Later, during the workshop, district architect Ryan Pierce presented a 2-inch-thick proposal for a master plan for future construction.
Patrick Cloonan is a staff writer for Trib Total Media. He can be reached at 412-664-9161, ext. 1967, or firstname.lastname@example.org.
Show commenting policy
TribLive commenting policy
You are solely responsible for your comments and by using TribLive.com you agree to our Terms of Service.
We moderate comments. Our goal is to provide substantive commentary for a general readership. By screening submissions, we provide a space where readers can share intelligent and informed commentary that enhances the quality of our news and information.
While most comments will be posted if they are on-topic and not abusive, moderating decisions are subjective. We will make them as carefully and consistently as we can. Because of the volume of reader comments, we cannot review individual moderation decisions with readers.
We value thoughtful comments representing a range of views that make their point quickly and politely. We make an effort to protect discussions from repeated comments either by the same reader or different readers.
We follow the same standards for taste as the daily newspaper. A few things we won't tolerate: personal attacks, obscenity, vulgarity, profanity (including expletives and letters followed by dashes), commercial promotion, impersonations, incoherence, proselytizing and SHOUTING. Don't include URLs to Web sites.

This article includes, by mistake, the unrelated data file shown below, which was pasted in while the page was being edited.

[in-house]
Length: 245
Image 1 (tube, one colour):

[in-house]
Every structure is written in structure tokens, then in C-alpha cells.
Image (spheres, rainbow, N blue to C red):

We do not edit comments. They are either approved or deleted. We reserve the right to edit a comment that is quoted or excerpted in an article. In this case, we may fix spelling and punctuation.
We welcome strong opinions and criticism of our work, but we don't want comments to become bogged down with discussions of our policies and we will moderate accordingly.
We appreciate it when readers and people quoted in articles or blog posts point out errors of fact or emphasis and will investigate all assertions. But these suggestions should be sent via e-mail. To avoid distracting other readers, we won't publish comments that suggest a correction. Instead, corrections will be made in a blog post or in an article.
- Model train exhibit raises funds for McKeesport club
- Elizabeth council OKs Act 537 resolution for municipal authority
- Salvation Army kettle drive about to kick into high gear in Western Pennsylvania
- North Versailles’ Dance Company’s ‘Nutcracker’ expands with bonus program for students
- After 27 years, Clairton emerges from state ‘financially distressed’ status
- Elizabeth mayor hails police department’s role in ‘major’ heroin bust in Clairton
- Clairton City School District wins award for its anti-hunger efforts
- Elizabeth proposes big jump in small local services tax; councilwoman steps down
- McKeesport budget smaller; no tax hike planned
- McKeesport Area could bring back Air Force Junior ROTC program
- Officials blame bad exhaust fan for carbon monoxide leak in Duquesne retirement home